The Commission met in a workshop format, facing each other around a table set up on the floor of the Council Chambers. Commissioner Johnson led off the meeting with a 30 minute presentation on Smart Growth, laying out its goals and principles. She said these include creating a range of housing opportunities, fostering neighborhoods which have a strong sense of place, providing a variety of transportation choices, and building compactly to efficiently use land.
Smart Growth planning would relax the zoning of specific regions of the city to allow mixed use, but would tighten restrictions on the design of new developments. This would invert the current land use philosophy, which has tight restrictions on zoning (for example, only residential developments are allowed in an R60 zone), but has few restrictions on the design of a new development. Johnson illustrated her talk with examples which contrasted neighborhood based design and planning with the sprawl that a pure zoning approach has led to.
Johnson echoed many of the points made in a presentation by the town planner of Hamden, Leslie Creane, at a May meeting of the P&Z (New Approach to Zoning Regulations Presented at City Hall). The Commissioners were enthusiastic about Creane's presentation, and responded
very positively to Johnson's as well. Commissioner Deborah Kleckowski commented that she had heard many residents complain about the lack of retail and cultural attractions in Middletown. Commissioners seemed to agree that in the long term, neighborhoods with a mix of different kinds of housing (apartments, duplexes, and detached homes), offices, and retail, would increase the quality of life for residents.
The Commissioners worked on a set of principles from lists provided by City Planner Bill Warner. After a general discussion that revealed only minor differences of opinion on what kind of city Middletown should be, the Commissioners efficiently reached unanimous agreement on preliminary language for the guiding
principles for the POCD. [Note, what follows may not be the final versions of the principles, my notes were less than complete, and the commissioners felt that some of these "principles" might be better as examples or goals, rather than over-arching principles. I include them all to give a sense of the Commissioner's approach to the POCD. The final language will be refined by Warner with input from the Commissioners.]
- Encourage environmentally responsible and sustainable development
- Introduce new road standards in rural areas to reduce impacts of impervious pavement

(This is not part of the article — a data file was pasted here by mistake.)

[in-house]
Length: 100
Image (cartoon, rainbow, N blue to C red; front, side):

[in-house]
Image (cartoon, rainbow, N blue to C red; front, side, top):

- Preserve and connect open space, farmland and critical environmental areas.Urban Design
- Improve design quality of development with design standards.
- Encourage compact building design.
- Promote development compatible with the unique character of neighborhoods to create a strong sense of place
- Create walkable neighborhoods.
- Provide a mix of uses in neighborhoods to ensure a city's vitality: commercial, civic, residential, recreation.Transportation
- Encourage transit to provide a variety of transportation choices, including public transit, cars, bicycles, rail, and pedestrian.
- Invest in sidewalks, road connections, bike paths, and street trees to encourage walking and biking.
- Invest in infrastructure to increase rail, to provide linkages to neighboring communities.
- Locate jobs near housing, transit, and services.Concentrate Development
- Reinforce downtown as our economic and cultural center.
- Concentrate development along major transportation corridors already served by water and sewer.
- Offer incentives to rehab brownfields, preserve historic structures and rehab housing and schools.
- Encourage compact development.
- Mix land uses.
- Create a lively mixed-use downtown, connect to the riverfront.
- Limit the sprawl of low-density housing.Housing
- Create a range of housing opportunities and choice.Economic development
- Increase the commercial tax base, lowering tax burden on residential property owners.
- Attract office, light industry, retail, and entertainment.
- Create partnerships between Education and Industry.
- Expand on the existing medical infrastructure.
After reaching consensus on these draft guiding principles, the Commissioners enthusiastically agreed to hold another workshop on the POCD at their next meeting, on October 14.
Public Comment About Schools Redistricting.
Under the regular item at the end of the meeting ("Public comment on topics which are not or have not been the subject of a public hearing"), I spoke as a member of the public. I commented that the Board of Education will be making a decision about possibly significant redistricting this year. I urged the Commissioners to work with the Board of Education on this issue, which is impacted by (and has impacts on) neighborhoods, transportation, and development.